Connect with us

WVU Basketball

Huggins, West Virginia Starting Over



Photo via WVU Athletics

Fixing something broken usually involves a toolbox.

A hammer – maybe even a wrench – is a must.

For West Virginia head basketball coach Bob Huggins, sometimes fixing what is broken requires an axe.

In conjunction with the university, Huggins put that axe to work yesterday evening, dismissing senior Esa Ahmad and junior Wesley Harris due to a violation of athletics department policies.

During what has been a defeated season for the Mountaineers, Huggins’ decision to move forward without Harris and Ahmad leaves West Virginia with only nine healthy scholarship players on the roster and the realization that the Mountaineers’ rebuild is starting sooner rather than later.

Esa Ahmad, who came to Morgantown as one of ESPN’S top-50 recruits in the 2014 class, never reached his full potential. After three seasons and 23 games this year, the senior only averaged 9.3 points, 4.3 rebounds and 1.7 assists per game. And although Harris was never forced to shoulder the same expectations Ahmad handled, he, too, underwhelmed during his time in Morgantown. The junior finished his career with 6.3 points and 3.9 rebounds per contest.

Losing two starters on top of being without Sagaba Konate and Beetle Bolden due to injuries may spell doom for the Mountaineers’ immediate future. But it also can lead to much-needed growth for the seven underclassmen on the roster.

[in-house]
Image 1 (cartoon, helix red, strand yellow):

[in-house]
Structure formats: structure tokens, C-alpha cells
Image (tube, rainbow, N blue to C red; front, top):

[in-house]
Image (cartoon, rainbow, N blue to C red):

Most importantly, the players remaining in Huggins’ good will, are now afforded extra opportunities to earn their keep.

True freshman and former four-star recruit Emmitt Matthews Jr., who has averaged just over 10 minutes per game as a rotational piece behind Harris and Ahmad, will see an increase in playing time and responsibility. The same can be said for junior Lamont West. West, however, is best utilized behind the three-point arc, meaning Matthews, freshman Derek Culver Jr. and sophomore Andrew Gordon will be asked to rebound the ball at a high rate.

Consequently, addition by subtraction also means junior Logan Routt may see more time at center than ever before. Of the eleven players available on the roster, seven of them are guards. Moving Routt and Gordon to center on a full-time basis will allow Culver and/or Matthews Jr. to occupy the forward spots and give the Mountaineers more size on the court.

Currently, the Mountaineers rank seventh in the country in offensive rebounds per game (14.3) and 28th in total rebounds per game (39.43). The combination of Harris and Ahmad accounted for a third of the offensive rebounds and a fourth of the total rebounds. The good news, though, is that Derek Culver alone has reeled in nearly nine boards per game, including 3.2 offensive rebounds per contest and a streak of at least 11 rebounds over the last three games. More over, the true freshman’s 11.7 points per game ranks second on the team and has been the Mountaineers’ best offensive threat in Bolden’s absence.

Statistically, Ahmad and Harris will be missed. Their departures, however, have been deemed warranted – and maybe even necessary – in order for Huggins to finally hit the reset button.




Welcome to the new home of WVU football and basketball breaking news, analysis and recruiting. Like us on Facebook, follow us on Twitter and check us out on YouTube. And don't forget to subscribe for all of our articles delivered directly to your inbox.

Get WVSN in your mailbox!

Enter your email address to subscribe to WVSN and receive notifications of new posts by email.

Sign up for the best in WVU sports!

Subscribe to WVSN today and get all of our posts directly in your inbox the second they're published.

Thank you for subscribing.

Something went wrong.